We have just released a new Boys and Men of Color Indicator Guide, which identifies the focus indicators for various local and national initiatives to improve the lives of boys and men of color and describes why each indicator is important.
The launch of the My Brother’s Keeper (MBK) initiative by President Obama early last year marked a significant milestone in the movement to improve outcomes for boys and men of color in the U.S. The President’s announcement is helping to bring much needed public attention and catalyzing efforts to improve outcomes for boys and men of color in education, health, employment, income and criminal justice. Before the President announced MBK, however, a number of national and local efforts were already underway to improve outcomes for boys and men of color, including the work of the National League of Cities’ City Leadership to Promote Black Male Achievement , the Open Society Institute’s Black Male Achievement Initiative, and the California Endowment’s Sons and Brothers Initiative.
One component common to all of the current efforts to improve outcomes for boys and men of color (BMoC) has been the identification of key indicators, which focus attention on a set of common outcomes to drive action and assess progress. While each of the BMoC initiatives has developed somewhat different indicators, they share a focus on improving outcomes in some common areas, including early childhood education, early elementary proficiency in reading and math, high school graduation, post-secondary education and training, quality employment, and involvement in the criminal justice system.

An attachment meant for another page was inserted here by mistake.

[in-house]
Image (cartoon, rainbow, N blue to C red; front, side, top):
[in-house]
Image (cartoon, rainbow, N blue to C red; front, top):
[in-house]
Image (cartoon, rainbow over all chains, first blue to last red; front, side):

Urban Strategies Council and our local partners in the Oakland-Alameda County Alliance for Boys and Men of Color have worked to identify local indicators and to gather other important data related to outcomes for BMoC in Oakland and Alameda County. In addition to conducting research to better understand how BMoC are faring in a variety of areas of life, we have also produced a profile of BMoC in Oakland and Alameda County.
Since Oakland is a participant in several of the national and state initiatives for BMoC, and in an effort to understand where Oakland and Alameda County stand on the various indicators for BMoC, we developed our BMoC Indicator Guide, which allows comparison of indicators chosen by each initiative, links each indicator to available local and national data, and explains why each indicator is relevant to the well-being of Boys and Men of Color.